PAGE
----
So step up his obedience-training schedule and spice it up with plenty of fun tricks. Keep him busy. This is the only way to keep him out of mischief.
How can I make absolutely certain that my dog does not bite anyone?

To ensure a bite free life, you must begin your puppy’s training early. He must be allowed to socialize to different kinds of people. When your dog does not feel threatened by people whom he considers strangers, he will not feel threatened and bear his fangs! He should also be taken to new places and exposed to new environments too. Meeting other animals will broaden his outlook and expand his horizons.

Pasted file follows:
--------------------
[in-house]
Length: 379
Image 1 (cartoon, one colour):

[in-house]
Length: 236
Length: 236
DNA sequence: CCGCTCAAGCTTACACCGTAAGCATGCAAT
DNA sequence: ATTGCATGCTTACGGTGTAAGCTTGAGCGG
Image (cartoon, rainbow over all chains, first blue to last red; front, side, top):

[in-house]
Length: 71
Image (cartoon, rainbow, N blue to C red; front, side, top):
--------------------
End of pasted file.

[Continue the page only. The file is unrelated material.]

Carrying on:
My Labrador Retriever puppy is teething. Save me from the onslaught of those sharp little puppy teeth that love to chew up just anything that they find.

Here is a great solution for your teething pup. Take a stout and sturdy rope and knot it both ends. Soak it in water and freeze it and then give it to your pup. Biting on this frozen rope will provide relief to his gums that are causing him irritation.

Of course, make sure the rope is not too long. Otherwise your little fellow might just get it around his neck instead. You can also give him ice floating in water to relieve his itchy gums.